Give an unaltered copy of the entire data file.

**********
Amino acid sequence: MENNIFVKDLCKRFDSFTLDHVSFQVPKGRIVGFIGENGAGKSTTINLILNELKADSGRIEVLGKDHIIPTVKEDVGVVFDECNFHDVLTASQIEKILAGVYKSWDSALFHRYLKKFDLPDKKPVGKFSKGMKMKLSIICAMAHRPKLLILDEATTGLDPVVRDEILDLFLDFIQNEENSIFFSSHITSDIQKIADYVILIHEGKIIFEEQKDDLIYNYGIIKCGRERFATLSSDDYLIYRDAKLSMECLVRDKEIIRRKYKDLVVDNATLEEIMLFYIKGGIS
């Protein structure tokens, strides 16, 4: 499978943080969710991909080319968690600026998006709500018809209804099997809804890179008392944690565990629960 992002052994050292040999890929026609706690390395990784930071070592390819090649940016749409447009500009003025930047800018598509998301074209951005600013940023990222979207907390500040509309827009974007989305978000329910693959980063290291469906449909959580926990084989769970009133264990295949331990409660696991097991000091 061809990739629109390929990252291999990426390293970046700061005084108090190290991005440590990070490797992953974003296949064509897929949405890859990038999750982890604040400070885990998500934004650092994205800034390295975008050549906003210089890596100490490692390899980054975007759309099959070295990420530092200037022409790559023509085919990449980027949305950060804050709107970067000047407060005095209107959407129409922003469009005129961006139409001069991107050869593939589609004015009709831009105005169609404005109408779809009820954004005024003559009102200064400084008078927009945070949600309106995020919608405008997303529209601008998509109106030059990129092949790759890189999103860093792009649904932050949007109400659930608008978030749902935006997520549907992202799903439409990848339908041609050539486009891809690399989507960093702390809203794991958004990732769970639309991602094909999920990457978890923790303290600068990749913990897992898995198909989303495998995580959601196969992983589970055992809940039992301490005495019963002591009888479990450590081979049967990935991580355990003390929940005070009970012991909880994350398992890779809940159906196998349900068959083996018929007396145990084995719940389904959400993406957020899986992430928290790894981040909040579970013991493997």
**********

Amino acid sequence: MENNIFVKDLCKRFDSFTLDHVSFQVPKGRIVGFIGENGAGKSTTINLILNELKADSGRIEVLGKDHIIPTVKEDVGVVFDECNFHDVLTASQIEKILAGVYKSWDSALFHRYLKKFDLPDKKPVGKFSKGMKMKLSIICAMAHRPKLLILDEATTGLDPVVRDEILDLFLDFIQNEENSIFFSSHITSDIQKIADYVILIHEGKIIFEEQKDDLIYNYGIIKCGRERFATLSSDDYLIYRDAKLSMECLVRDKEIIRRKYKDLVVDNATLEEIMLFYIKGGIS
């Protein structure tokens, strides 16, 4: 499978943080969710991909080319968690600026998006709500018809209804099997809804890179008392944690565990629960 992002052994050292040999890929026609706690390395990784930071070592390819090649940016749409447009500009003025930047800018598509998301074209951005600013940023990222979207907390500040509309827009974007989305978000329910693959980063290291469906449909959580926990084989769970009133264990295949331990409660696991097991000091 061809990739629109390929990252291999990426390293970046700061005084108090190290991005440590990070490797992953974003296949064509897929949405890859990038999750982890604040400070885990998500934004650092994205800034390295975008050549906003210089890596100490490692390899980054975007759309099959070295990420530092200037022409790559023509085919990449980027949305950060804050709107970067000047407060005095209107959407129409922003469009005129961006139409001069991107050869593939589609004015009709831009105005169609404005109408779809009820954004005024003559009102200064400084008078927009945070949600309106995020919608405008997303529209601008998509109106030059990129092949790759890189999103860093792009649904932050949007109400659930608008978030749902935006997520549907992202799903439409990848339908041609050539486009891809690399989507960093702390809203794991958004990732769970639309991602094909999920990457978890923790303290600068990749913990897992898995198909989303495998995580959601196969992983589970055992809940039992301490005495019963002591009888479990450590081979049967990935991580355990003390929940005070009970012991909880994350398992890779809940159906196998349900068959083996018929007396145990084995719940389904959400993406957020899986992430928290790894981040909040579970013991493997």